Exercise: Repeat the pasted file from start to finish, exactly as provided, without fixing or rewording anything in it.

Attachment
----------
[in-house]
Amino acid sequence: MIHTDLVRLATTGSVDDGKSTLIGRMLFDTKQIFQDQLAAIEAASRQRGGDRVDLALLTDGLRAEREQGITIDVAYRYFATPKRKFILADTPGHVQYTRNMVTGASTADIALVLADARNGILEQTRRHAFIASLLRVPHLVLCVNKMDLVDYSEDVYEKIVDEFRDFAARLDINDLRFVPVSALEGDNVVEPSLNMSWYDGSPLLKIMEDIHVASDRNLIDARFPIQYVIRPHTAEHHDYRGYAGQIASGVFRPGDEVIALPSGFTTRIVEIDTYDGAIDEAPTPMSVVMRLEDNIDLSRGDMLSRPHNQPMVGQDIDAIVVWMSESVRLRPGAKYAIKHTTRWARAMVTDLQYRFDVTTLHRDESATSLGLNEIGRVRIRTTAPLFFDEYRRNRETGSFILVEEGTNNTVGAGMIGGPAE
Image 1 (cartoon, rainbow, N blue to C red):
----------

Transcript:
[in-house]
Amino acid sequence: MIHTDLVRLATTGSVDDGKSTLIGRMLFDTKQIFQDQLAAIEAASRQRGGDRVDLALLTDGLRAEREQGITIDVAYRYFATPKRKFILADTPGHVQYTRNMVTGASTADIALVLADARNGILEQTRRHAFIASLLRVPHLVLCVNKMDLVDYSEDVYEKIVDEFRDFAARLDINDLRFVPVSALEGDNVVEPSLNMSWYDGSPLLKIMEDIHVASDRNLIDARFPIQYVIRPHTAEHHDYRGYAGQIASGVFRPGDEVIALPSGFTTRIVEIDTYDGAIDEAPTPMSVVMRLEDNIDLSRGDMLSRPHNQPMVGQDIDAIVVWMSESVRLRPGAKYAIKHTTRWARAMVTDLQYRFDVTTLHRDESATSLGLNEIGRVRIRTTAPLFFDEYRRNRETGSFILVEEGTNNTVGAGMIGGPAE
Image 1 (cartoon, rainbow, N blue to C red):